Synthia: (chuckles) Alright, okay, no argument here. Speaking of getting naked, poetically speaking, being that you are a celeb on the poetic scene, our female followers want to know is there a ring-wearer or chain-bearer in your life at this time?

Marc: (laughs) Well, right now, the only connection I have is my son; he is first and foremost. I'm recently single and I'm loving that, she taught me a lot, but right now I'm digging this single thing and I'm not looking for love, but I won't turn it down if it comes way.
Synthia: So I'm sure a lot of ladies are excited to know that lil' piece of info. So, how do you feel about poetry and spoken word getting more exposure, on a worldwide genre and Grammy-type level?

Marc: I love it, I love it, and I love every good thing for poetry, whether it be Slams Poetry, Open Mics, Def Jams Poetry, in somebody's house--everything dealing with poetry and getting it out there making people aware is good. A lot people like to down Slams [but] if you don't like it that's cool, you don't have to slam, there's other avenues you can take. Other people want to 'dis' Def Poetry. 100% of the people who Def Poetry are poets and 80% of them didn't get chosen when they submitted their tapes in and didn't get picked and that's why they do it. It don't bother me none; I've heard awesome poets on Def Poetry Jams and in Slams. For me, it's all out here…you just have to come out here. One thing about poets is that they're so critical and they don't like being criticized. I look at everything as it's all good. We need it; it's all good. People just have to stop putting limitations on the way poetry should be [because] poetry was the first instrument without musical instruments used because our voice is an instrument, Country music is poetry… we just need to stay positive.

(giggles) I write Country Music.

Marc: You do? (laughs) That's dope--you write country music. My favorite country song is “The Gambler.” (sings the chorus)
Synthia: How do you feel when you're on stage?

Marc: I love it. I feel alive; it seems like I save all my energy for that short time that I'm on stage. It's strange because in my younger years, I was wild getting into everything [and] in my later years, I've calmed down…traveling has made me calm down, and performing has made me calm down even more. It's like I calm in my life, but when I get on stage, I release. I think when poets get on stage it should be an extension of themselves [and] that's how it is for me…it's like the most intense part of me and I wish I could stay up there for hours. I love it up there. The most uncomfortable thing for me was talking to the crowd between pieces [but] I've gotten better; it used to be a problem for me but the more you get up there the better you get. You gotta mingle with the crowd talk to them like you know them, and get comfortable with everybody. I'd like to think I've gotten better at that.

Synthia: And you are good. I can feel your plight and your words and for the ladies; it's not only because he's sexy--even though you are a sexy man. Marc, being that you are more than just sexy and in fact your social issues--those things that are automatically labeled as "political"--it's on my mind to ask you, do you feel like the weight of the world is in your mind or on your shoulders and if so, why?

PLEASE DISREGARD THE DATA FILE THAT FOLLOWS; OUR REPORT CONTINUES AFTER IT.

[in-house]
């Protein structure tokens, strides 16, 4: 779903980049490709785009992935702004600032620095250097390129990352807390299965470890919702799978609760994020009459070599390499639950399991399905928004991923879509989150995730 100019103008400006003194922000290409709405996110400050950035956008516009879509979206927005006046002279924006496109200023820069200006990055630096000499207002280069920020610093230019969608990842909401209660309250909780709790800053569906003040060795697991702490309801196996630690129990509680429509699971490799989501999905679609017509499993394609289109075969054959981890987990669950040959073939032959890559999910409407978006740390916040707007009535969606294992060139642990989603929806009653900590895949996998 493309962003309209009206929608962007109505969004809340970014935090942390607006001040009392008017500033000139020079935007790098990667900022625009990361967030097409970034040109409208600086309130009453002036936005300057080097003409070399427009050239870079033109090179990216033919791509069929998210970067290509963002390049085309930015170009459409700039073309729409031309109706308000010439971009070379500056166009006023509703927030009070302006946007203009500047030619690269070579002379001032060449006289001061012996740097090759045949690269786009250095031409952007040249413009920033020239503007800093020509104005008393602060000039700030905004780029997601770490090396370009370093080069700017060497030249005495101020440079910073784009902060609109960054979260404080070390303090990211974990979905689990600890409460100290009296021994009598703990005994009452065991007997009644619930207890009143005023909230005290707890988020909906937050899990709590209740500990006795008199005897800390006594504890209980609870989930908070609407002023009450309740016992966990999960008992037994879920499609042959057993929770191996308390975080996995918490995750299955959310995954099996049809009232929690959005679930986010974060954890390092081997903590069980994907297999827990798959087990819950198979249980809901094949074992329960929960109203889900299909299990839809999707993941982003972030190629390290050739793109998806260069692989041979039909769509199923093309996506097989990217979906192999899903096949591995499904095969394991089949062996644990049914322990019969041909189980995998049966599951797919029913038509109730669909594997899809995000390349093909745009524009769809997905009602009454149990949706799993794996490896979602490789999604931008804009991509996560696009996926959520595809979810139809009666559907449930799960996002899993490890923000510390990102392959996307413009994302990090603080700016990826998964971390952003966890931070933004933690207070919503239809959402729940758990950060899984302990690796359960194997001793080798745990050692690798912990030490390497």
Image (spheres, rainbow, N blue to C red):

Marc: That's a good question. Sometimes I do [and] sometimes I don't because I feel like any weight that is put on you--I feel like any weight that is on me, I'm putting on myself, I mean [because] nobody can put anything on me that I don't let be put there. Sometimes, you go into these venues and they'll put you on some kind of level and they expect you to be on that level all the time so they see you as only as good as your last piece, and if your latest piece wasn't as dope as your last piece they say your slipping. So I tell poets, you know I hate artists that come out with something every five years… I put out a album every nine months like women be dropping babies, and I just don't under stand if you're a musician or a poet or a painter, you should be painting, you should be writing, you should be making music. Stop hibernating for five years, like you a damn bear… to me people who do that are opportunists [because] they take advantage of whatever limelight that's going get them paid. They ain't true to their art. I'm true to my art…you'll know when I give this shit up. I mean, I'm always writing and I believe in being a scholar of my work, study, read books, read the newspaper, read novels [because] soon or later you get empty...on a constant search for knowledge.

Synthia: Just a few more short ones and I'll let you get back to your networking.

Marc: No problem. I'm alright.

Synthia: How was your experience in Houston and, in fact, in Texas for the most part?

Marc: Man, I love it. Texas showed me so much love--Houston, Austin, San Antonio, I love y'all for real. I don't when I'm coming back, but I hope to be down hear sooner than I had planned, because I need to hit all the other cities, so I hope to get back down here soon but don't quote me on a date. I was talking one of my homegirls and I told her I wish I could teleport to hottest venues. (laughs softly) I really wish I could come back in the year 3000 and be a poet again so I could do it all over again. I would love to get back at the end of the summer, I don't know if it's possible yet though. I want to tell everybody out there that Texas got it going on…Texas got it going on for real. Changed my life.